Waterway ecology

It is important to keep as much of a river network as natural as possible to ensure that the catchment and river condition can be maintained. In Ku-ring-gai much of the urban development is concentrated along the ridgeline areas, with the lower parts of the catchments being dominated by protected areas such as national parks and significant estuaries. Maintaining natural channel design wherever possible allows ecological, geomorphic and hydrological processes to be maintained, and minimises the degree of negative impact on the downstream protected areas.

Riparian vegetation

The composition of native riparian plant communities varies with location and environmental factors. The increased soil moisture levels in riparian areas favour the development of particular communities which may differ quite considerably in composition from those in adjacent upland areas, particularly if these areas are much drier. Riparian vegetation communities influence both the biological and physical components of the system.

They do this by:

  • providing food and habitat for terrestrial and aquatic organisms;
  • providing refuge for organisms during times of drought;
  • affecting water temperature and light levels;
  • affecting water quality by trapping sediments and nutrients;
  • influencing bank stability, sedimentation and erosional processes and
  • influencing hydrology by affecting overland and subsurface flows.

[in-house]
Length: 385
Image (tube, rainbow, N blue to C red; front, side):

Ku-ring-gai Council has prepared a native riparian species list (pdf. 1MB) which can be used for identification and revegetation.

Riparian weeds have very high dispersal potential due to the connective nature of waterways. In particular, water weeds can:

  • Alter dissolved oxygen levels, reducing water quality.
  • Restrict recreational activities and access in waterways.
  • Displace natural vegetation and impede biodiversity.
  • Block channels and irrigation equipment.

Wherever possible, riparian weeds should be managed and preference should be given to native revegetation. Information on common weeds can be found on Sydney Weeds Communities  and the NSW Department of Primary Industries.

Riparian fauna

Many different species live in the creeks and riparian areas around Ku-ring-gai. Some of the most common native species include:

water-dragon  striped-marsh-frog

Eastern Water Dragon

Intellagama lesueurii

Photo credit Hande Tekin

Striped Marsh Frog

Limnodynastes peronei

 water-eel.png  sydney-crayfish

Long finned eel

Anguilla reinhardtii

Sydney Crayfish

Euastacus australasiensis

 long-neck-turtle  brush-turkey

Long neck turtle

Chelodina longicollis

Brush Turkey

Alectura lathami

 lyre-bird  sacred-kingfisher

Lyrebird

Menura novaehollandiae

Sacred Kingfisher

Todiramphus sanctus

Amongst the diverse fauna found within Ku-ring-gai’s creeks are a few commonly observed invasive species. For example:

Gambusia (mosquito Fish) Gambusia affinis

Carp Cyprinus carpio

NZ Freshwater Snail Potamopyrgus antipodarum